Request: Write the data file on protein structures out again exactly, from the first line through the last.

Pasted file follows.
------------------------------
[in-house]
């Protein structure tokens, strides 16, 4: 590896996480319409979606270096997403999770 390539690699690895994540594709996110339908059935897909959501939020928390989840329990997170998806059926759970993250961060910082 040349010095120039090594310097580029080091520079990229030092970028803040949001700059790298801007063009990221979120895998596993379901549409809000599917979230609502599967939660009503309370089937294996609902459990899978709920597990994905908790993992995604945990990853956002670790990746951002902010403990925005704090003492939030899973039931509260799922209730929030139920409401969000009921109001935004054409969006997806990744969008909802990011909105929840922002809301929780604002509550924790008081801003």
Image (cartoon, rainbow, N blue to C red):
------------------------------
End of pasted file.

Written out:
[in-house]
């Protein structure tokens, strides 16, 4: 590896996480319409979606270096997403999770 390539690699690895994540594709996110339908059935897909959501939020928390989840329990997170998806059926759970993250961060910082 040349010095120039090594310097580029080091520079990229030092970028803040949001700059790298801007063009990221979120895998596993379901549409809000599917979230609502599967939660009503309370089937294996609902459990899978709920597990994905908790993992995604945990990853956002670790990746951002902010403990925005704090003492939030899973039931509260799922209730929030139920409401969000009921109001935004054409969006997806990744969008909802990011909105929840922002809301929780604002509550924790008081801003």
Image (cartoon, rainbow, N blue to C red):